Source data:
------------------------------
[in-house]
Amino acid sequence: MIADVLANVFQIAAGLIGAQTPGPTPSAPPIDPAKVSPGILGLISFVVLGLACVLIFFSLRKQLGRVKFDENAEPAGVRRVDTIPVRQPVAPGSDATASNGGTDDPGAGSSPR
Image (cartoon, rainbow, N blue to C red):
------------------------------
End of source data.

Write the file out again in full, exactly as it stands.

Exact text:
[in-house]
Amino acid sequence: MIADVLANVFQIAAGLIGAQTPGPTPSAPPIDPAKVSPGILGLISFVVLGLACVLIFFSLRKQLGRVKFDENAEPAGVRRVDTIPVRQPVAPGSDATASNGGTDDPGAGSSPR
Image (cartoon, rainbow, N blue to C red):